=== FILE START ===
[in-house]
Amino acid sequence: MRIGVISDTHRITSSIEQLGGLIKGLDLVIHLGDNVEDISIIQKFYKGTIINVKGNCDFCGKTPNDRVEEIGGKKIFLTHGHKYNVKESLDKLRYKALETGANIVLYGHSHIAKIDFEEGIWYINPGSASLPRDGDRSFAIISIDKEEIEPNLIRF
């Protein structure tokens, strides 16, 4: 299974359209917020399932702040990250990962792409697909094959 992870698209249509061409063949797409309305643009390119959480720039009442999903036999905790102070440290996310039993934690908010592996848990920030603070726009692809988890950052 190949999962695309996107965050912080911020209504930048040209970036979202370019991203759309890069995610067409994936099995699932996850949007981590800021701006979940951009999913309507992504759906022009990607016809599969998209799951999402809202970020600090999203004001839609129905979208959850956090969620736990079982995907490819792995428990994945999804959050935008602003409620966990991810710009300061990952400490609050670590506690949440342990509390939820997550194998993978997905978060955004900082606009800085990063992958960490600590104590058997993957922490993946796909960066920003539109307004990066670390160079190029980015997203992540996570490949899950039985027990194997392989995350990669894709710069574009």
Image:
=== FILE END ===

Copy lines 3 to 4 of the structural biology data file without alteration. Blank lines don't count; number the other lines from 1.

């Protein structure tokens, strides 16, 4: 299974359209917020399932702040990250990962792409697909094959 992870698209249509061409063949797409309305643009390119959480720039009442999903036999905790102070440290996310039993934690908010592996848990920030603070726009692809988890950052 190949999962695309996107965050912080911020209504930048040209970036979202370019991203759309890069995610067409994936099995699932996850949007981590800021701006979940951009999913309507992504759906022009990607016809599969998209799951999402809202970020600090999203004001839609129905979208959850956090969620736990079982995907490819792995428990994945999804959050935008602003409620966990991810710009300061990952400490609050670590506690949440342990509390939820997550194998993978997905978060955004900082606009800085990063992958960490600590104590058997993957922490993946796909960066920003539109307004990066670390160079190029980015997203992540996570490949899950039985027990194997392989995350990669894709710069574009």
Image: